9. "Disremembered" (7:07) what starts out as a stark Ben Spees solo effort turns into a 60s-ish surfer song la Dick Dale with a totally twisted modern approach to it, then back into the stark motif of the opening section, before turning into a KING CRIMSON-esque exercise in odd tempoed polyrhythms. Stunning construction and performance. I just wish it were a little more enjoyable from a melodic sense. (13/15)

10. "Brake for Genius" (3:32) The song that gave me the Jane Siberry comparison. (8/10)

11. "Tides of the Spine" (4:33) The almost normal acoustic guitar work makes this song partly accessible. (8.75/10)

This album--The Mercury Tree's ffith of this decade--often has a Ben Spees solo album feel to it--especially the middle four songs of the album, "Intergalcial" to "(Throw Up My) Hands." Aside from the aforementioned Toby Driver, the only other artist I can compare Ben's singing style to--an artist who uses such unpredictable and often angular melody lines--would be Canadian muse JANE SIBERRY. My rating for this album might be higher if I could hear and make sense of the lyrics, but, alas! I am "blocked" from comprehension of sung words by a lifelong learning defect. While I am mentally blown away by the skill, dedication, practice, and mental dexterity that goes into being able to play, write, work collaboratively with such experimental musical scales, my own ability to enjoy myself while listening to music like this is challenged to a point that I am sad to admit is beyond my control. No matter how hard I try to distance myself, to chose a different perspective to come at this music from, I just can't seem to find pleasure in the experience. It's work. The musical harmonics on display are even, at times, repellent to me. I thoroughly enjoy the challenge--I've spent over seven months with this album now--and have from the beginning truly appreciated the genius involved in creating such music, but, in the end, I find myself feeling exhausted and dejected by it. Reviewing this album has been so challenging by the fact that I found myself having to choose to rate each song according to likability and accessibility rather than skill and virtuosity. Usually, I am able to incorporate consideration for both of these very important elements of art, but here I felt cursed to actually have to choose between the two. I guess my reasoning is two-fold: I'm seeking internal resolution to my personal feelings for the work and I'm trying to offer accurate and true commentary to others as to whether or not they might enjoy seeking out this album for their listening pleasure. I highly recommend that each and every one of you take this album for a spin for your self to see what you think. I'd actually be interested to see comments of your reactions.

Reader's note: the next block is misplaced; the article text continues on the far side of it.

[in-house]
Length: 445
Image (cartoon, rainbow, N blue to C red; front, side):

Four stars; a remarkable display of progressive progressive rock music--one that certainly pushes boundaries (as well as buttons). I'm not sure this album will be everyone's cup of tea but it is certainly recommended that you try.

Report this review (#2266422)
Posted Saturday, October 5, 2019 | Review Permalink
3 stars This is needed to break up the boredom of your normal sonic sounds. The Mercury Tree are new to me but this is their 6th? album. Microtonal music (google it, cause I can't splane it) that will repulse the common folk. I can picture the sour faces when hearing this music for the first time. And the why can't they tune their instruments remarks? This release shreds dissonance and weirdness in the face of pop and is a joy to listen to. Destroying the rules of music, not that I know what they are, this is mesmerizing and a must listen for any music fan. Music beyond my simple mind. After first listen it was killer, with multiple listens it just gets better. Highly recommended.
Report this review (#2338872)
Posted Thursday, February 27, 2020 | Review Permalink

THE MERCURY TREE Spidermilk ratings only

chronological order | showing rating only

Post a review of THE MERCURY TREE Spidermilk

You must be a forum member to post a review, please register here if you are not.


As a registered member (register here if not), you can post rating/reviews (& edit later), comments reviews and submit new albums.

You are not logged, please complete authentication before continuing (use forum credentials).

Forum user
Forum password

Copyright Prog Archives, All rights reserved. | Legal Notice | Privacy Policy | Advertise | RSS + syndications

Other sites in the MAC network: — jazz music reviews and archives | — metal music reviews and archives

Donate monthly and keep PA fast-loading and ad-free forever.